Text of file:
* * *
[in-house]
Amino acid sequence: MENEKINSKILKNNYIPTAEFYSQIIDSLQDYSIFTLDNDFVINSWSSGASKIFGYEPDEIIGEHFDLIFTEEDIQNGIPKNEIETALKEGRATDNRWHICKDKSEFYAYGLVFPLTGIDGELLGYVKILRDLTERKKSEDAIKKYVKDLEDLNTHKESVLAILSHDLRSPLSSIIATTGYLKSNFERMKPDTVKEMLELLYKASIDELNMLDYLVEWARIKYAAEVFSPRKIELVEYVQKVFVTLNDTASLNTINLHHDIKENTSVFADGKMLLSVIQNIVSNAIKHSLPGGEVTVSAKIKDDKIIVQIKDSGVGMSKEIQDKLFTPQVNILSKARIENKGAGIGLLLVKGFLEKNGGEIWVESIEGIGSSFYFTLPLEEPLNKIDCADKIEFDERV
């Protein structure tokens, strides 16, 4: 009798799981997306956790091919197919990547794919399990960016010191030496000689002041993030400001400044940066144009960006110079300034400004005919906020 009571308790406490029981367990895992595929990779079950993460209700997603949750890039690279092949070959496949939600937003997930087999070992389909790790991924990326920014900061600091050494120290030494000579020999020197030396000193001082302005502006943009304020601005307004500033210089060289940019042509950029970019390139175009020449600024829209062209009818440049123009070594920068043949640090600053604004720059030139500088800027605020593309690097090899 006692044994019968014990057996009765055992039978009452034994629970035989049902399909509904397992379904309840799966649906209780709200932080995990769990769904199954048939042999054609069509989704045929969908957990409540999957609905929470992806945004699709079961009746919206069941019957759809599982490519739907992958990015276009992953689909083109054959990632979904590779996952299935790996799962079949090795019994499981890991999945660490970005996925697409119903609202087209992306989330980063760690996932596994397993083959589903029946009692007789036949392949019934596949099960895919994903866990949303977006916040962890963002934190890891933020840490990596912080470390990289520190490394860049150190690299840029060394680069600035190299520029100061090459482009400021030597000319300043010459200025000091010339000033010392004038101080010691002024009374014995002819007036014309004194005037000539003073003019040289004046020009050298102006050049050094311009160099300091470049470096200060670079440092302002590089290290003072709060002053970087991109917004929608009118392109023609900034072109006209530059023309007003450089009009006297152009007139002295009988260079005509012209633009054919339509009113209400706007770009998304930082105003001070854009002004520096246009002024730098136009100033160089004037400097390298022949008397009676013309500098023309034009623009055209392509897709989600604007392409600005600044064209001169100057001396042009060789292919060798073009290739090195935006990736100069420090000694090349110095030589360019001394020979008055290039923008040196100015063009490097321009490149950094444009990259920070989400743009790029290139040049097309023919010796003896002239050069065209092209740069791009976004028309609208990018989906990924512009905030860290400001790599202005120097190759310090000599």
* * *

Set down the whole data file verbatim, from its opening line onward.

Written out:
[in-house]
Amino acid sequence: MENEKINSKILKNNYIPTAEFYSQIIDSLQDYSIFTLDNDFVINSWSSGASKIFGYEPDEIIGEHFDLIFTEEDIQNGIPKNEIETALKEGRATDNRWHICKDKSEFYAYGLVFPLTGIDGELLGYVKILRDLTERKKSEDAIKKYVKDLEDLNTHKESVLAILSHDLRSPLSSIIATTGYLKSNFERMKPDTVKEMLELLYKASIDELNMLDYLVEWARIKYAAEVFSPRKIELVEYVQKVFVTLNDTASLNTINLHHDIKENTSVFADGKMLLSVIQNIVSNAIKHSLPGGEVTVSAKIKDDKIIVQIKDSGVGMSKEIQDKLFTPQVNILSKARIENKGAGIGLLLVKGFLEKNGGEIWVESIEGIGSSFYFTLPLEEPLNKIDCADKIEFDERV
């Protein structure tokens, strides 16, 4: 009798799981997306956790091919197919990547794919399990960016010191030496000689002041993030400001400044940066144009960006110079300034400004005919906020 009571308790406490029981367990895992595929990779079950993460209700997603949750890039690279092949070959496949939600937003997930087999070992389909790790991924990326920014900061600091050494120290030494000579020999020197030396000193001082302005502006943009304020601005307004500033210089060289940019042509950029970019390139175009020449600024829209062209009818440049123009070594920068043949640090600053604004720059030139500088800027605020593309690097090899 006692044994019968014990057996009765055992039978009452034994629970035989049902399909509904397992379904309840799966649906209780709200932080995990769990769904199954048939042999054609069509989704045929969908957990409540999957609905929470992806945004699709079961009746919206069941019957759809599982490519739907992958990015276009992953689909083109054959990632979904590779996952299935790996799962079949090795019994499981890991999945660490970005996925697409119903609202087209992306989330980063760690996932596994397993083959589903029946009692007789036949392949019934596949099960895919994903866990949303977006916040962890963002934190890891933020840490990596912080470390990289520190490394860049150190690299840029060394680069600035190299520029100061090459482009400021030597000319300043010459200025000091010339000033010392004038101080010691002024009374014995002819007036014309004194005037000539003073003019040289004046020009050298102006050049050094311009160099300091470049470096200060670079440092302002590089290290003072709060002053970087991109917004929608009118392109023609900034072109006209530059023309007003450089009009006297152009007139002295009988260079005509012209633009054919339509009113209400706007770009998304930082105003001070854009002004520096246009002024730098136009100033160089004037400097390298022949008397009676013309500098023309034009623009055209392509897709989600604007392409600005600044064209001169100057001396042009060789292919060798073009290739090195935006990736100069420090000694090349110095030589360019001394020979008055290039923008040196100015063009490097321009490149950094444009990259920070989400743009790029290139040049097309023919010796003896002239050069065209092209740069791009976004028309609208990018989906990924512009905030860290400001790599202005120097190759310090000599």